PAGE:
By the same token, if you made certain mistakes in life — if you squandered your family’s wealth or got caught up in some kind of scandal — you could lose your social status. You could be busted down a few ranks. If you fell clear to the bottom, you became a slave. That was the “shame” side of the honor/shame society.

There was a sort of lubricating oil that kept that complex social machine humming along. That lubricating oil was boasting.

The way to climb the social ladder was through self-promotion. You learned to tout your own achievements. You practiced the fine art of name-dropping. You were always looking for ways to get yourself invited to somebody else’s banquet — and when you got there, you were obsessed with your place on the seating chart. You flattered those of higher rank than yourself and treated those below you with contempt.

Into this world of incessant social striving comes the gospel of Jesus Christ. Jesus taught “love your neighbor as yourself.” Jesus said “the first shall be last and the last shall be first.” It’s no wonder Paul has so much to say on the subject of boasting!


The thing I’m wondering, though, is whether our society is all that different.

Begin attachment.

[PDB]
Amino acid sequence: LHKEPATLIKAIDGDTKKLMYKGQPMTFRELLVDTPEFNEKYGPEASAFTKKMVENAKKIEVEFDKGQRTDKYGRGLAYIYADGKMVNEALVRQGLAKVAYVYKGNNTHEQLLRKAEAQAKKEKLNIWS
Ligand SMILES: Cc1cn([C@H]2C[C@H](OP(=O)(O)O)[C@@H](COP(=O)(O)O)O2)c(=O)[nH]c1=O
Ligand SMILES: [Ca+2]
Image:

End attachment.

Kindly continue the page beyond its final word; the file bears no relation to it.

There used to be a time when humility was a virtue more highly prized than it is today. Here’s a story that illustrates what I mean. It’s an episode from the life of one of our modern presidents: Harry Truman.

Truman was a U.S. Senator, but he didn’t become a household name in America until FDR made him his running mate. Not long after, President Roosevelt died. Harry Truman moved into the Oval Office.

On Election Day, 1948, President Truman returned to Independence, Missouri, to cast his vote in his hometown. He was the President, after all, so a team of newspaper reporters was assigned to tail him everywhere he went.

As it so happened, the reporters were in a separate plane that landed at the Kansas City Airport just behind Air Force One. By the time they’d disembarked, they learned the President was already on the road.

The reporters were in a panic. They just had to catch up! They convinced some police officers to give them an escort. They set off down the highway, with the police sirens scattering traffic out of the way.

When the reporters reached the Truman home, they found he wasn’t there. The mystery was solved a few moments later, when the President’s car pulled up outside.

“What happened to you, Mr. President?” asked one of the reporters.
“Oh,” said Truman, “we were stopped by a police car and had to pull over. Seems there were some very important people going through town.”

It’s a great story, but you really can’t imagine it happening today, can you? There’s so much boasting going on in the higher reaches of politics, so much scrambling for media attention. And what’s true at the top filters down to the likes of us, I’m afraid.